Lt. Gov. Eleni Kounalakis sampled fresh orange and red watermelon from the Farm Store, dropped by the Veterans Resource Center and toured the Lyle Center for Regenerative Studies during a visit to Cal Poly Pomona.
Kounalakis is no stranger to campus. She spoke at the College of Letters, Arts and Social Sciences Commencement in May. The Aug. 23 visit marked the second time since graduation that she has come to the campus. She serves on the CSU Board of Trustees and is making stops at all 23 campuses.
While at the Lyle Center, the lieutenant governor chatted with students about their research on natural cooling systems for dwellings. She also popped into a classroom of students from diverse majors who were studying the effects of climate change, sharing that she was once an ambassador to Hungary and how forward thinking the country was regarding climate change.
Kounalakis talked about how California hopes to lead the nation on the issue, adding that although the United States is no longer a part of the Paris Climate Accords, the state plans to maintain the agreement’s standards to reduce greenhouse gas emissions.
“This is it. California is ground zero to do something about it in the United States, so march on,” she said.
Kounalakis also visited the College of Business Administration for a presentation that included a screening of a video touting the benefits of a polytechnic education, discussions about the university’s progress on the CSU’s Graduation Initiative 2025 and information about the ways Cal Poly Pomona is tapping technology and other measures to create a framework of success for students.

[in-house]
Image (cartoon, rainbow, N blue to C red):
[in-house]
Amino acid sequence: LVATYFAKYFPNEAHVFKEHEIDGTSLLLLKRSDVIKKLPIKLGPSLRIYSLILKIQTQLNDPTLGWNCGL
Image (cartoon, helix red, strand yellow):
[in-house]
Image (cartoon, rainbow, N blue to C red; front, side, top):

University President Soraya M. Coley shared how staff and faculty provide ample opportunities for students to work across disciplines.
“Students will not be successful without being broadly educated,” Coley said. “That is what distinguishes our polytechnic approach. We don’t want our students to be so singularly focused.”
During her tour, Kounalakis also heard presentations from students in the College of Business who run the Mitchell C. Hill Center for Applied Business Information Technology and at AgriScapes on projects such as the use of unmanned air vehicle to monitor crops.
She also had an opportunity to sample sandwiches and hors d’oeuvres at the Restaurant at Kellogg Ranch and hear about how The Collins College of Hospitality Management plans to add a new culinary lab building for students that will include updated kitchen equipment
“We really want to provide the top-level, innovative experience for students,” Dean Lea Dopson said.
She also learned how the college works hard to ensure students are ready for the work place when they graduate.
Kounalakis said she was impressed by the internships and other career-related opportunities afforded to Collins students.
“You are providing students with the ability to go out and get a job, especially for a lot of these young people who come from families where that kind of connection is important,” she said. “It is so clear when you do a program like this that there is a career component, that you have the right training for it. So, it must be really gratifying.”